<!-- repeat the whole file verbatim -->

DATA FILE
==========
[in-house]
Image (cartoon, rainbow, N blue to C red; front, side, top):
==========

[in-house]
Image (cartoon, rainbow, N blue to C red; front, side, top):